• If anyone thinks this “incident” wasn’t just a hastily planned photo-op you are deluded. I’m sure he didn’t mean to hit the NDP MP, but he was clearly playing for the camera’s.

      He wanted to look strong and “leader-like” but all he managed to do was make himself look like an impulsive angry child. Saying, “Get the fuc.K out of my way” as he was grabbing other MP’s didn’t help him much.

      Remember, this guy is an actor before he is a PM. And don’t forget what he admires most, is “people who do what he wants them to do”.

      That is why he likes the Chinese model. Their basic dictatorship allows them to do whatever the want. Trudeau is just trying to emulate the Chinese.

      How’d that work out for you Justin (e)

  2. Cons are very upset that they aren’t getting their way anymore, and have reverted to street theatre along with the Dips

    As always with that crowd it comes from religion

    Time to recess for summer.

    • I didn’t see any cons or dips grabbing people, elbowing people or swearing. Rather it was your boy JT doing all of the above and all over a 30 second delay in starting the vote. According to the CBC, the Libs are working hard to delay debates on votes. The opposition are doing their job in holding them accountable. Do yo

      • Do you have a problem with a Lib government being held accountable? Do you believe only Con and Dipper governments should be held accountable? If Harper had grabbed a Lib whip or elbowed an NDP, your head would have exploded.

          • There is very little point in replying to emilyone as she cannot get over her obsession with the pretty boy toy. The PM acted like a spoilt brat.No other person has mentioned religion but you.You must have the same maturity level as the PM.

          • demers10…..you and your ilk are attempting numerous diversions from the ‘moral values’ bills passing in the HOC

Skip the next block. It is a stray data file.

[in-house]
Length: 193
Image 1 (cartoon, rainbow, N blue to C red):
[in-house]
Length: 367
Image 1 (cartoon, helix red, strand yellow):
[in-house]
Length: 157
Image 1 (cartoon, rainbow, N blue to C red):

It’s the same kind of obstructionism Congress is using against Obama…..at the moment both are caught up in washrooms.. Sad.

  3. Leisure suit Larry strikes again. Mr. Entitlement, again, makes a complete ass of himself and in the process physically assaults two MPs. Listen Justy if you’re gonna attack someone just throw them down and get it on. There’s nothing I’d enjoy more that seeing a woman beat the sh#t out of you.

    • Like I said, Cons are very biter. LOL

    • Except he did not physically attack anyone. I know you have been worshiping at the altar of Harper for a long time, but in truth, simply saying something does not magically make it true. Sorry to burst your little bubble.

      • You need to read the Globe and Mail or even watch CBC. He grabbed the whip’s arm, swore at people to get the fuck out of way and elbowed an NDP woman in the process. Even his own speaker commented that is was not acceptable. JT gets it. Why are you in denial? You can’t lay hands on people in the workplace, especially in anger or frustration, not when you are the PM. We teach toddlers to use their words instead of their hands when frustrated. I think JT could learn that as well.

        • Forget cbc they recieve additional funding when liberals voted in , CPAC is where its at usually live ( Canadian Public/Parliament Channel ) only television i watch

      • Well, the grabbing of the CPC whip was both intentional and apparently unwanted by said whip, as such it may technically be assault.

        • As much of an assault as someone wagging a finger in your face, which is also technically an assault.

          • There is a major difference between invading someone’s space and actually physically grabbing them.

          • Actually, I don’t think it is a major difference. In fact some people would feel more threatened by someone yelling and wagging a finger in their face than they would be someone grabbing their arm and pulling them through a crowd. My point is that a technical assault is almost always one where the police refuse to be involved. The CBC did an article on that today.